(CN) – Alameda County can cut off general assistance welfare payments after six months for unemployed people who are capable of working, a California appeals court ruled.
The case hinges on a statutory amendment allowing counties to curb certain welfare benefits in order to lighten the financial burden of the state-mandated program.
One of these restrictions allows a county to set a time limit on benefits for “employable individuals.”
Alameda County interpreted “employable” as anyone under 65 who has no physical, mental or emotional impairment that keeps him or her from working.
When a number of welfare recipients challenged the county’s time limit, the trial court asked the county to adopt a narrower view of “employable individual.” It told the county to consider “practical employability factors,” such as education, skills, experience and the current labor market.
But the law does not support such a “restrictive view” of employable people, the 1st District Court of Appeal ruled.
“Neither the state of the economy nor discomfort with the statute’s consequences permits us to eviscerate [the law] by defining ’employable individual’ so narrowly that few … recipients would actually have their benefits discontinued as a result of the time limitation,” Presiding Justice McGuiness wrote.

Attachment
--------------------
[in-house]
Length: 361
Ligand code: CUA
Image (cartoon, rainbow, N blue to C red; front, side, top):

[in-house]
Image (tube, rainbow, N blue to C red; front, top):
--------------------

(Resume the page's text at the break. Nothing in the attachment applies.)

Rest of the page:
The court said the county “acted within its discretion” in setting a six-month time limit on benefits for “able-bodied and mentally competent recipients, without regard to whether they may face practical barriers to employment.”
Justice Pollak disagreed in a 19-page dissent.
“In upholding the county’s artificial definition of employability, defensible only as a means of reducing the county’s welfare costs, the majority approves a definition that is at odds with the entire scheme of [general assistance] and with innumerable decisions of the courts of this state,” Pollak wrote.